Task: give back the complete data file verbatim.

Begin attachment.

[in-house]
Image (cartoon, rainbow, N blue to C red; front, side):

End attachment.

[in-house]
Image (cartoon, rainbow, N blue to C red; front, side):